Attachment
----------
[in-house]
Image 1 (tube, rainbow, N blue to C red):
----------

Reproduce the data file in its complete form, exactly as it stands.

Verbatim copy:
[in-house]
Image 1 (tube, rainbow, N blue to C red):